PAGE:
As part of The Red Pencil Philippines STEP 3 humanitarian mission, The Red Pencil collaborated with Tiwala Kids & Communities, working closely with displaced children from underprivileged backgrounds due to Typhoon Haiyan. J is one of the children who was offered Art Therapy sessions as part of the mission.

Each session took place for two hours every morning, over the course of a week. J is one an 8 year old boy from Victoria Village. J’s mother works away in Manila and is looked after by his grandmother along with other grandchildren. As a result, he is disadvantaged and neglected. Due to the lack of support at home, his education is still at the beginning stages and he is unable to write anything other than his name. It has been observed that J has hyperactive and attention seeking behaviours. He showed signs of mixed energy, between running around and wrestling and appearing tired and lethargic when he did not want to participate. Given the opportunity to draw or paint, he did not limit art-making to paper and would often draw or paint on himself (figure 1).

In session 2, the intervention centred on weaving a story with the group by taking turns to draw something on a sheet of paper and passing it around silently. J managed to hold this silence with some difficulty but seemed to be restless as he tapped his feet and the table, used art materials to paint his nails and drew on the table. When it came to his first turn to add something to the drawing, he put his head down and refused to contribute. As the paper made the rounds, J eventually contributed and added something. It was noted that he was quite private about his work and would cover it with his arm while he drew.

In session 3, the group was given an image of an animal each and were asked to create an environment for them. Once again, J did not limit his mark-making to his art work and drew his own face using a permanent marker. They were later asked to switch their environments among the group and adapt their animal to the new environment. Later, he received a background with the sea and the sun but switched his background again with another child when no one was watching. J’s need to switch his background again might relate to his own upbringing—switching of caregivers. Figure 2 shows J’s monkey in its environment. It is notable that he had included a smaller figure for his monkey to look after.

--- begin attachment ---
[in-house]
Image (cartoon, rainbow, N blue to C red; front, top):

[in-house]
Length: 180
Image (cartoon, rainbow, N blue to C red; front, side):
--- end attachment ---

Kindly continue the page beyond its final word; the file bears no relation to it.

In session 4, children were given a range of materials to construct their city, Legazpi. J quickly became interested in covering his hands in glue and chased another child around, attempting to attack her with messy glue. The group were also asked to create an image of themselves but J seemed to be more interested in the foam stickers than the task. However, the final artwork appears lively, energetic and colourful as well as hectic and fragmented which is a reflection of how J presented (figure 3).

In session 5, J spent a lot of time wrestling and running around and had to be redirected a few times. When the children were asked to place the elements that they have created from previous session, J became more involved. Figure 4 shows the city with different elements that the group had constructed. At the end of the session, the group were invited to take part of the work. J and another child took the volcano and destroyed it completely with much joy for them and other children who took part in ripping it up. There seemed to be a sense of anger about where they lived. Some of the children’s village were often badly hit by typhoons such that they have to temporarily stay elsewhere. Their destructive energy was witnessed and the lightness of the energy in the space allowed some of the aggression to be released.

The creative processes in the group as well as the outcomes provided a clear indication and understanding of J’s behaviours. It allowed us to engage the boy and elucidate his emotions. Through group dynamics and finding ways of relating to the group through play, J had carved a safe space for himself where he felt accepted even for his negative emotions. By way of materials, J also discovered ways of expressing his frustrations and anger which was a vital part of the healing process and cleared a path of rid of excess emotions and work with his core issues.

Section content is empty, please edit section to add content